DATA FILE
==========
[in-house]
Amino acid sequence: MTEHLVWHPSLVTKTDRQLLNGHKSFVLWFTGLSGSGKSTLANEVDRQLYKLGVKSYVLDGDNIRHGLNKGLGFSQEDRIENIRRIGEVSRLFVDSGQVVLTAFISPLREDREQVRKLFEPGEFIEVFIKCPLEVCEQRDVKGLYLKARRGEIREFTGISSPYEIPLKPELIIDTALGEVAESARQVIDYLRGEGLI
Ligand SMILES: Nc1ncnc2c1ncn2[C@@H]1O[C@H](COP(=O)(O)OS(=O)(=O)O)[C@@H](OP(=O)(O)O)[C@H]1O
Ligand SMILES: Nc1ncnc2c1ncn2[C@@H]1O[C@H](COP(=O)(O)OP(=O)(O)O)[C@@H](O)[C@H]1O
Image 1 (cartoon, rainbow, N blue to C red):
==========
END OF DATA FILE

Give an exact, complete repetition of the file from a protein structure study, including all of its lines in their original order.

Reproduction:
[in-house]
Amino acid sequence: MTEHLVWHPSLVTKTDRQLLNGHKSFVLWFTGLSGSGKSTLANEVDRQLYKLGVKSYVLDGDNIRHGLNKGLGFSQEDRIENIRRIGEVSRLFVDSGQVVLTAFISPLREDREQVRKLFEPGEFIEVFIKCPLEVCEQRDVKGLYLKARRGEIREFTGISSPYEIPLKPELIIDTALGEVAESARQVIDYLRGEGLI
Ligand SMILES: Nc1ncnc2c1ncn2[C@@H]1O[C@H](COP(=O)(O)OS(=O)(=O)O)[C@@H](OP(=O)(O)O)[C@H]1O
Ligand SMILES: Nc1ncnc2c1ncn2[C@@H]1O[C@H](COP(=O)(O)OP(=O)(O)O)[C@@H](O)[C@H]1O
Image 1 (cartoon, rainbow, N blue to C red):